English [ edit ]
Alternative forms [ edit ]
Etymology [ edit ]
Middle English (also choken ), from cheken Old English , ċēocian āċēocian ( “ to choke ” ), probably derived from Old English , ċēoce ċēace ( “ jaw, cheek ” ), see . Cognate with cheek Icelandic kok ( “ throat ” ), koka ( “ to gulp ” ). See also .
Pronunciation [ edit ]
choke ( third-person singular simple present , chokes present participle , choking simple past and past participle )
( intransitive ) To be unable to breathe because of obstruction of the windpipe (for instance food or other objects that go down the wrong way, or fumes or particles in the air that cause the throat to constrict).
Ever since he choked on a bone, he has refused to eat fish. 1919, Zane Grey, The Desert of Wheat, New York: Grosset & Dunlap, Chapter 6, p. 66,
 Lenore began to choke with the fine dust and to feel her eyes smart and to see it settle on her hands and dress.
( transitive ) To prevent (someone) from breathing or talking by strangling or filling the windpipe.
Synonyms: , asphyxiate , strangle , suffocate throttle The collar of this shirt is too tight; it’s choking me.
c. 1595, William Shakespeare, Act II, Scene 1, Richard II,
 With eager feeding food doth choke the feeder:
1611, King James Version of the Bible, Luke 8.33,
 Then went the devils out of the man, and entered into the swine: and the herd ran violently down a steep place into the lake, and were choked. 1918, Willa Cather, Boston: Houghton Mifflin, Chapter 15, pp. 282-283, My Ántonia,
 The man became insane; he stood over me, choking me with one fist and beating me in the face with the other [… ]
( transitive ) To obstruct (a passage, etc.) by filling it up or clogging it.
Synonyms: , block up , bung up , clog , congest , jam , obstruct stop up to choke a cave passage with boulders and mud
1709, Joseph Addison, No. 120, 14 January, 1709, in The Tatler, The lucubrations of Isaac Bickerstaff Esq., London, 1712, Volume 3, p. 31,
 This was a Passage, so rugged, so uneven, and choaked with so many Thorns and Briars, that it was a melancholy Spectacle to behold the Pains and Difficulties which both Sexes suffered who walked through it.
1961, V. S. Naipaul, Penguin, 1992, Part 2, Chapter 4, p. 492, A House for Mr Biswas,
 But at Christmas the pavements were crowded with overdressed shoppers from the country, the streets choked with slow but strident traffic. 2012, Tan Twan Eng, New York: Weinstein Books, Chapter 13, p. 168, The Garden of Evening Mists,
 The waterfall is now a trickle, and the pool is choked with algae and drowned leaves and broken-off branches.
( transitive ) To hinder or check, as growth, expansion, progress, etc.; to kill (a plant by robbing it of nutrients); to extinguish (fire by robbing it of oxygen).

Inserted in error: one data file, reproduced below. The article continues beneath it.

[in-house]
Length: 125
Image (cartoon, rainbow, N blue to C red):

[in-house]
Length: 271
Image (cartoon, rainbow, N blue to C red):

Synonyms: , choke out stifle
c. 1590, William Shakespeare, Act III, Scene I, Henry VI, Part 2,
 Now ’tis the spring, and weeds are shallow-rooted;
Suffer them now, and they’ll o’ergrow the garden
And choke the herbs for want of husbandry.
1611, King James Version of the Bible, Matthew 13.7,
 And some [seeds] fell among thorns; and the thorns sprung up, and choked them:
1697, John Dryden (translator), “The Fifth Pastoral,” lines 55-56, in The Works of London: Jacob Tonson, p. 22, Virgil,
 No fruitful Crop the sickly Fields return;
But Oats and Darnel choak the rising Corn. 1998, Nuruddin Farah, Secrets, Penguin, 1999, Chapter 3, p. 67,
 I have cut maize stalks or green plants with which he means to choke the flames.
( intransitive , colloquial ) To perform badly at a crucial stage of a competition because one is nervous, especially when one is winning.
He has a lot of talent, but he tends to choke under pressure.
( transitive ) To move one's fingers very close to the tip of a pencil, brush or other art tool.
1973, Wayne Otto et al., Corrective and Remedial Teaching, Boston: Houghton Mifflin, 2nd edition, Chapter 13, p. 361,
 A brief tryout will demonstrate that the modified grip does indeed make it difficult to “ choke” the pencil or apply excessive pressure to the paper.
( intransitive ) To be checked or stopped, as if by choking
1820, Walter Scott, , Chapter 18, Ivanhoe
 [… ] the words choked in his throat. 1929, Thomas Wolfe, New York: Modern Library, Part 3, Chapter 29, p. 413, Look Homeward, Angel,
 Speech choked in Eugene’s throat.
( transitive ) To check or stop (an utterance or voice) as if by choking.
1684, Aphra Behn, Love-Letters between a Noble-man and his Sister, London, “The Amours of Philander and Silvia,” p. 277,
 A hundred times fain he would have spoke, but still his rising Passion choak’d his Words;
1848, William Makepeace Thackeray, Chapter 14, Vanity Fair,